I thought everybody did a splendid job in their roles. I loved watching Hugh Jackman sing and dance for us, and think he was totally robbed at the Golden Globes. My dad was blown away by Zac Efron, whose voice is so good it made me feel badly for Jackman a couple of times, even though Jackman did just fine. (Efron’s a better dancer, too. And man, I *really* wish he’d gotten cast as Cyclops. He would have been So Good.) Michelle Williams did as much as she could with a very thin role, and Zendaya did more than that with her almost-as-thin role. I loved Keala Settle and I hope “This Is Me” wins the Oscar, and oh, how crushing, I just found out Rebecca Ferguson didn’t actually sing the Jenny Lind role. A woman named Loren Allred did. Aw, how disappointing, because holy smokes what a voice. I loved her song. Anyway, the point is that individually I thought everybody did a fine-to-excellent job in their roles; it’s not their fault the musical itself is desperately flawed.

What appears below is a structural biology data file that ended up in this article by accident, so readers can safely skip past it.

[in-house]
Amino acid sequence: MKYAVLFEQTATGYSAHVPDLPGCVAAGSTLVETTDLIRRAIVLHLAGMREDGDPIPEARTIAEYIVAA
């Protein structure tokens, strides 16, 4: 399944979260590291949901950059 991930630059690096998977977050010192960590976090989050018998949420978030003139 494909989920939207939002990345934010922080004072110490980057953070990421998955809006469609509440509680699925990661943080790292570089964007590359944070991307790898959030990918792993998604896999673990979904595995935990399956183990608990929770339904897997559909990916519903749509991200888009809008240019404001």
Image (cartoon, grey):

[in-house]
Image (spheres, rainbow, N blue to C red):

Spoilers beyond the cut.
There’s a part of me that wants to go check out all the Hamilton fic that I’m sure exists, all the alternate universes where things went…better. And the rest of me is like NO NO NO because that way lies doom.
But there’s also the part of me that keeps thinking of the Neil Gaiman bit where somebody is talking to a late 20th century Earth person & says something to the effect of, “Who’s President? Ah. Clinton? And Bush before him, and Reagan…? Ah. Yes. You live in one of *those* timelines…”
And I keep thinking, maybe that’s it. Maybe we live in one of *those* timelines. Maybe it’s not Clinton and Bush and Reagan and Nixon, maybe it went wrong a long time before that: “Ah. Hamilton married Eliza? Had the affair? Wrote the Reynolds Papers? Shot by Burr? You poor bastards, you got stuck in one of *those* timelines.”
Because you could, y’know. Draw a thru-line from Hamilton’s disgrace to Trump’s rise. It’d be conjecture, the world has more moving parts than that, but you could. And if you can draw those lines, you can draw a whole different line along where it might have gone differently.
Maybe only writers do this to themselves, but it does make me want to explore that whole AU.
life’s a show…